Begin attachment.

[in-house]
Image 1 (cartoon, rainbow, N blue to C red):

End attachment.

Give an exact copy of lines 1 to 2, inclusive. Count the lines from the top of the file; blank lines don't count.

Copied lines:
[in-house]
Image 1 (cartoon, rainbow, N blue to C red):